Lucent has prototyped wireless ATM technology that could bring high speed multimedia networking to mobile computers. A 10Mbps wireless Lan is already being tested at Lucent's Bell Laboratories research and development arm, but commercial products will take at least five years to be widely available.
The first phase of the research project focuses on a 10Mbps wireless Lan that can carry data, voice and video with guaranteed bandwidth. This avoids one of the downsides of current wireless technology, which requires large amounts of bandwidth to be reserved if a packet must be delivered without delay. The prototype Lan runs between two network segments on wireless base stations, currently with infrared links, although Lucent is working on a radio alternative. A Lucent protocol distributes the bandwidth among all the users on the segments according to their application type. If a user of full motion video, with its high bandwidth requirement, moves from one end station to another, the bandwidth allocation is automatically shifted too, after only a short delay, said Kai Eng, head of backbone research at Bell Laboratories.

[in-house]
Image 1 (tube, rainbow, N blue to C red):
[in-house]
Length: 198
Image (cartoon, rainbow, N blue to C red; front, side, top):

The base stations link to the rest of the enterprise network via 155Mbps ATM over fibre.
The second phase of the project will involve more powerful base stations that allow nationwide wireless multimedia networks to be established.
Lucent is also working with the ATM Forum standards body on industry specifications for wireless ATM.
Pilot products could be available as early as two years away, but widespread adoption will depend not only on reliable technology but also on the existence of standards and on reasonable prices. So far, wireless networking has been slow to take off, especially for large scale corporate systems, because of its relatively high costs and slow performance. It also requires greater investment in technical support and skills than traditional Lans because of its technological complexity, a factor that is likely to apply also to wireless ATM.
* Also on the wireless front, the US Federal Communications Commission has authorised the use of unlicensed wireless Lans. The FCC voted to free up 300MHz of spectrum in the 5GHz range for unlicensed products, which means users can create Lans without paying for airtime from telecomms suppliers, said FCC chair Reed Hundt. However, unlicensed spectrum will be subject to higher levels of interference and error than licensed wireless networks offered by telcos.
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